Government always matters
Tampa Mayor Bob Buckhorn got it right when he told NBC’s Willie GeistÂ “This is when government matters,”Â after Hurricane Irma passed through his city.
It matters when government is prepared to lead. We honor and fully appreciate our first responders whose mission is to serve and protect us in the wake of disasters, both natural and human caused. We want and fully expect our governments — federal, state and local — to execute a coordinated and effective disaster response of immediate rescue and relief followed by supportive recovery and reconstruction efforts.
We hail the many heroes from government, the military, non-governmental organizations (NGOs), and every-day citizens running full speed to aid those in distress. We are mobilized by the common call of our human decency to help our friends, neighbors and strangers in times of immediate need.
President Trump made the right call when he unequivocally ordered immediate national disaster declarations directing rescue and relief aid to the victims of hurricanes Harvey and Irma. His focus was on saving lives, not what it might cost. It’s a call we should expect any president to make. Thankfully, it’s a decision made all the more easy because the United States has a well-prepared, expertly trained team ready to mobilize at a moments notice. A team long in the making years before Trump’s presidency. A team championed, created and funded by generations of forward thinking federal administrations, state and local governments, NGOs, and citizens committed to sustaining it year after year.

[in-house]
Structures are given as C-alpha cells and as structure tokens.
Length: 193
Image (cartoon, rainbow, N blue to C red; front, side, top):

It’s a team comprised of weather scientists fromÂ NOAAÂ andÂ NASAÂ who could rationally predict with a high degree of certainty the course and magnitude of the storms as they approached; of a network of seasoned news media skilled in broadcasting events as they unfold, and disseminating the government’s warnings alerting the public; of expert first responders ranging fromÂ FEMAÂ to military units to local fire, police, and emergency medical services; of hospitals and NGOs fully prepared and ready to fulfill their missions of aid and relief; of faith-based organizations calling on their congregations to respond; and concerned citizens, like you and me, ready to answer the call to assist our neighbors in need. Our ability to respond is the value of time-tested responsible government leadership. It is born of commitment to collaboration and trust, and a willingness to partner.
Our natural rush to respond to disasters brings out the collective best in us to help each other survive and recover. It unifies us. Let’s capitalize on this unifying spirit to mitigate the occurrence of self-inflicted disasters. Disasters caused by how we may choose to negotiate international diplomacy; to send our military into harms way; to address economic growth and security; to understand science; and to enforce the rights and fair treatment of the abused and vulnerable. Being passive observers won’t do. We must rush to help our government focus on creating a common good that is meant for all of us. To avoid self-inflicted disasters our leaders must choose wisely, and choose our leaders wisely we must.
“This is when government matters.” This is why government matters. Government always matters.
Don Shaw, Jr., director emeritus of Hartford Habitat for Humanity, is writer and editor of the blog RedTruckStonecatcher.com
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